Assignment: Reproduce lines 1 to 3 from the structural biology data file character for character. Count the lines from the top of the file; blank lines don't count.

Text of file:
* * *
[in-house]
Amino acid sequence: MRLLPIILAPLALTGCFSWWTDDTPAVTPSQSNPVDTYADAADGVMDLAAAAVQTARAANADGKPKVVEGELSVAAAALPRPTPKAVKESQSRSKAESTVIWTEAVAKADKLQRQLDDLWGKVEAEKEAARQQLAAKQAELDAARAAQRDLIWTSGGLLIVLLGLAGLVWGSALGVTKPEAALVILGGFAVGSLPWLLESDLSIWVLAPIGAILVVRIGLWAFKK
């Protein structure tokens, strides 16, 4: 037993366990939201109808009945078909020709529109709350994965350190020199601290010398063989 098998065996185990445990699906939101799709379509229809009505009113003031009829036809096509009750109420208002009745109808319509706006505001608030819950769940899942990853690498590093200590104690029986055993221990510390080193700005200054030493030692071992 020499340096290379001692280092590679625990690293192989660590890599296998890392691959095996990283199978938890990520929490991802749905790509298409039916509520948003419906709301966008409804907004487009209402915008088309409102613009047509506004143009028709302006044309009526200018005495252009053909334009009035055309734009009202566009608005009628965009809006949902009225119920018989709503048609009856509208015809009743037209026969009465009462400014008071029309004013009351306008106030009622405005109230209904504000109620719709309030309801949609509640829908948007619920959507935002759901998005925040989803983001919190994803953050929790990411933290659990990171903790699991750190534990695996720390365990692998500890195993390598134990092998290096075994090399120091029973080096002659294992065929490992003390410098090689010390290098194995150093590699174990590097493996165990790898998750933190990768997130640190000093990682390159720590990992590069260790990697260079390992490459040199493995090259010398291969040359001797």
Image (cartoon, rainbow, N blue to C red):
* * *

[in-house]
Amino acid sequence: MRLLPIILAPLALTGCFSWWTDDTPAVTPSQSNPVDTYADAADGVMDLAAAAVQTARAANADGKPKVVEGELSVAAAALPRPTPKAVKESQSRSKAESTVIWTEAVAKADKLQRQLDDLWGKVEAEKEAARQQLAAKQAELDAARAAQRDLIWTSGGLLIVLLGLAGLVWGSALGVTKPEAALVILGGFAVGSLPWLLESDLSIWVLAPIGAILVVRIGLWAFKK
């Protein structure tokens, strides 16, 4: 037993366990939201109808009945078909020709529109709350994965350190020199601290010398063989 098998065996185990445990699906939101799709379509229809009505009113003031009829036809096509009750109420208002009745109808319509706006505001608030819950769940899942990853690498590093200590104690029986055993221990510390080193700005200054030493030692071992 020499340096290379001692280092590679625990690293192989660590890599296998890392691959095996990283199978938890990520929490991802749905790509298409039916509520948003419906709301966008409804907004487009209402915008088309409102613009047509506004143009028709302006044309009526200018005495252009053909334009009035055309734009009202566009608005009628965009809006949902009225119920018989709503048609009856509208015809009743037209026969009465009462400014008071029309004013009351306008106030009622405005109230209904504000109620719709309030309801949609509640829908948007619920959507935002759901998005925040989803983001919190994803953050929790990411933290659990990171903790699991750190534990695996720390365990692998500890195993390598134990092998290096075994090399120091029973080096002659294992065929490992003390410098090689010390290098194995150093590699174990590097493996165990790898998750933190990768997130640190000093990682390159720590990992590069260790990697260079390992490459040199493995090259010398291969040359001797």